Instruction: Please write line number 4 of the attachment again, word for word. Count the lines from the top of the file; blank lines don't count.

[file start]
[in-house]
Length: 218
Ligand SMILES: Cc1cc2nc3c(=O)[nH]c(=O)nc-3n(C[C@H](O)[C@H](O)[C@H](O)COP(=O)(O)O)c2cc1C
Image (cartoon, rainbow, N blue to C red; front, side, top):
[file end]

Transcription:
Image (cartoon, rainbow, N blue to C red; front, side, top):